Contaminated soils determine root characteristics
Tree roots have multiple essential functions for their growth and survival. Acquiring nutrients and water from the soil, storing food and anchoring the plant in a substratum are what keep plants alive. In addition, root traits adapt themselves to physical limitation: they grow longer and thinner in dry soils in order to seek faraway water and they stay shorter in compact soils. Thanks to these powers, roots are an important pillar in tree survival strategy.
If root traits reflect and respond to soil characteristics, the study on variations of these traits will help to predict forest responses to global changes, including soil contamination. In search of the main tendencies in the variation of root traits, the professor at the Department of Botany, Ecology and Plant Physiology worked along with research staff at the Institute of Natural Resources and Agrobiology of Seville (part of the Spanish National Research Council) and the University of Seville. The study focused on the variation of 27 root traits (morphological, chemical and isotopic) in seven tree species planted in the Guadiamar Green Corridor in the province of Seville, an area with residual contamination from heavy metals after the accidental spill from the Aznalcóllar mines 22 years ago.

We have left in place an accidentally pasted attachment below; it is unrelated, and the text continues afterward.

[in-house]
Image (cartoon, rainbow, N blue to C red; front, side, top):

In this study, soil conditions and metal contamination affected root traits. The main tendency of the variation in root traits supports the "root economics spectrum" hypothesis, according to which trees that grow in favorable environments develop longer and lighter roots to maximize resource acquisition, while trees that grow in adverse environments develop shorter, denser roots, in order to use fewer resources. In this sense, contamination fosters the adjustment of a plant's root traits, with shorter roots being found in contaminated soils.
The study also concludes that there generally is coordination between roots and leaves. The rapid acquisition of water and nutrients via the roots is in agreement with a fast carbon capture and processed via the leaves. However, a significant discrepancy between roots and leaves when processing trace elements was found (trace elements being pollutants such as arsenic, lead and cadmium).
These toxic elements get trapped in root cells and are not transferred to the leaves, becoming immobilized in the root. Thus, planting these Mediterranean species could have greater phytostabilization power, removing heavy metals from the soil they contaminate.